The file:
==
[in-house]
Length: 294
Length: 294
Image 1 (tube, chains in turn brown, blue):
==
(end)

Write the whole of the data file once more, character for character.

[in-house]
Length: 294
Length: 294
Image 1 (tube, chains in turn brown, blue):